A young wheelchair basketball player prepares to shoot over another at the 2023 WheelPower National Junior Games

WheelPower Sports Festival: engaging disabled people in sport

“We have an obligation to the abilities we do have, not the disability.”

That sentiment from Jim Abbott, a Major League Baseball pitcher who spent a decade at the highest level of the sport despite being born without a right hand, fuels everyone at WheelPower.

By helping those with disabilities connect with the opportunities to be active they would otherwise be unaware of, the charity hopes to provide a viable entry-route for long term participation in sport.

Case in point, the London WheelPower Sports Festival coming to the Aspire Leisure Centre in Stanmore on the 9th November.

Steven Palmer, 50, is a two-time Paralympian and has been chairman of London Wheelchair Rugby Club for 24 years.

He will be part of the coaching team delivering introductions to five wheelchair sports: boccia (a precision game related to bowls), table tennis, golf, tennis and wheelchair rugby.

Reflecting on the importance of exposing disabled people to sports tailored for them, he said: “When you’re recently disabled, you don’t know what you can do.

“But when you see someone with a similar disability to you and they’re doing something that you didn’t think you could, that’s a game changer.

“Without seeing that, you’re going to limit yourself. Not only that, other people will probably limit you as well. We’ll be opening the eyes to a new world for a lot of people.”

FIRST TIME FOR EVERYTHING: participants at the WheelPower Sports Festival will have the chance to try one of five wheelchair sports. (Image courtesy of WheelPower)

Bridging the Gap

Events like this, which engage disabled people directly in clinical care settings, will undoubtedly play a vital part in closing the gulf in activity levels between those with disabilities and those without.

The 2022 Active Lives Survey from Sport England found only 48% of disabled people meet the weekly recommendation of 150 active minutes, compared to 68% of non-disabled people.

This is in the spite of the fact that a similar gap is absent when comparing disabled and non-disabled children, suggesting a lack adequate provisions to keep disabled people invested in sport as they age.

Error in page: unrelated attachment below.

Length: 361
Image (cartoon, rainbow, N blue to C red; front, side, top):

FLAGSHIP GAMES: WheelPower run the annual Inter-Spinal Unit and National Junior games in addition to their regional sports festivals. (Image courtesy of WheelPower)

In the view of Dan McIntyre, 45, father of Commonwealth wheelchair basketball bronze medallist Charlie McIntyre, a big part of the problem lies in the lack of local wheelchair sports facilities.

He said: “Before his disability, every time you saw Charlie he had a football in his hand.

You can play football any day of the week, there’s parks everywhere.

Everything’s geared up for football.

McIntyre said: “But once he got his disability, in the Essex area where we’re from, there’s nothing really.

“We were just lucky that Paralympic wheelchair sprinter Richard Chiassaro came into his school and invited him to Harlow to train, which even then is a 114-mile round trip from where we live.”

Continuing a Legacy

At the time, it appeared that the London 2012 Paralympic Games would mark an inflection point for the prominence of disability sport.

Yet while the games may have drawn unprecedented viewership numbers, there have been gaps in following up that burst of support to create something sustainable in the long-run.

Partnership Development Manager at WheelPower, Ella Willot, 40, said: “To an extent London did change a lot of perceptions.

“Everyone watched it and then then there was talk that there are more ramps and disabled loos etc.

“But actually, I think you’ll find the lived experience isn’t all like that.

“We’re still hearing a lot of stories of people encountering the same barriers and the same issues as previously.”

Infuriatingly, sometimes it’s basic things that aren’t being implemented correctly.

Employees at WheelPower have heard reports of a student in a mainstream school being asked to wait in the library while their classmates did PE.  

Charlie McIntyre was totally ignored by an athletics club who had previously invited him to train with them once they found out he was a wheelchair user.

These cases, and other like them, show in no uncertain terms that private attitudes and behaviour still lag well behind public pronouncements of inclusivity.


What has been so frustrating for advocates of disability sport, and the reason that events like the WheelPower Sports Festival remain so crucial, is that the lack of opportunities flies in the face of the sizeable demand for them.

Even while staring down substantial barriers to participation, Palmer has seen remarkable commitment from his athletes.

He said: “One of our members lives in Stratford. He has he has to go from one end of the Jubilee line to the other and then get a cab from the station to training.

“He’s got an incredible determination to do what he does, making a two-hour journey twice a week.”

COMMUNITY FOCUS: The emphasis of the WheelPower Sports Festival is on linking participants to local sports clubs so they can remain involved in the long run.

Clearly, the appetite is there, and that’s before those disabled people who have yet to realise that there are sports for them- the one’s that WheelPower wants to reach with its events- are factored in.

A great deal remains to be done, but for each person they encourage to get active, every WheelPower Sports Festival leaves that amount slightly smaller. Little by little, change is on its way.

Those wishing to attend the London WheelPower Sports Festival can book a place here. For other WheelPower events and general queries, please visit their website.

Feature image courtesy of WheelPower.

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